Would Monahan’s generation become less intelligent from not reading a newspaper every once in a while? I would say perhaps not. However, the issue of a generation becoming uninformed about the world they live in seems more plausible. Whether it is a case of convenience or apathy, the newspaper business is likely to greatly suffer if the current generation does not keep it alive.

The Future Of Newspapers

News Media: Moving Into The Technological World
By Kelly Lafarga

A recent New York Times article, “Young Adults Are Giving Newspapers Scant Notice,” said that young adults between the ages of 18 and 30 don’t follow the news closely. It also states that only 16 percent of these young adults read the newspaper every day. The question here is not whether young adults aren’t interested in the news, the question is, are the media changing with the times and offering the news in outlets that the young adults are accustomed to?

The article, quoting a study titled “Young People And News” by the Joan Shorenstein Center on the Press, Politics and Public at the John F. Kennedy School of Government at Harvard, sampled 1,800 Americans. The results were that most young adults don’t follow the news closely. This survey doesn’t sound like it even has much accuracy. In order for it to be a non-biased survey they should have chosen a larger sample. Close to 2,000 people are nowhere near enough. This gives a bigger chance of variability. This can hardly be used to represent the entire parameter, or population.

In a recent interview, 22 year-old Carly Lang said that she “is very much interested in what’s happening in the world, but doesn’t necessarily have the time to read the newspaper every morning.” She said she “spends a lot of her time traveling and using her mobile Internet device.” Perhaps she would keep up with current events if they were easily transmitted to her phone.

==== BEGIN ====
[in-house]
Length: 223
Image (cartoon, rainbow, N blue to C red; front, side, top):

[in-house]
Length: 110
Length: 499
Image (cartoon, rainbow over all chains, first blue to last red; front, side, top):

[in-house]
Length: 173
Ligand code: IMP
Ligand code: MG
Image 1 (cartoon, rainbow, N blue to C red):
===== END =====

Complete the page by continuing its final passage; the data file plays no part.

We are not as much of a reading society as we once were. Technology is constantly improving and making some forms of media obsolete. Is the newspaper on the way to becoming the next VCR or cassette tape? In many areas, technology is improving and people are moving with it at rapid speed. Why are newspapers taking the slow route in this fast growing cyber world?

Katie Berenson, 23, said, she “isn’t actually interested in watching or reading about the news.” This brings up a new question. Is this decrease in news interest by young adults because of the media in which it’s given or because of how it is actually given? This may seem confusing, but even how stories are written or delivered on the news will affect how young adults take it in. If it is delivered poorly young people won’t respond. Things are becoming a lot quicker in technology. Young adults have very little patience because of it. Sitting through an entire story may seem rather boring for them.

We can also look at this in another way. Because things are growing at such rapid speeds young people must keep up with them. Everyone must have the newest gadgets and newest clothes. Now more then ever consumerism is at a high level. Young adults are so focused on how to look good and how to stay fit that they pay little attention to other things around them, such as the news. Maybe this is to blame for the lack of interest in young adults.